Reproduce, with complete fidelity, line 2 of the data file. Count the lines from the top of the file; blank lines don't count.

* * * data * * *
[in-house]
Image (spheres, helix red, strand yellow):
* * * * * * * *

Image (spheres, helix red, strand yellow):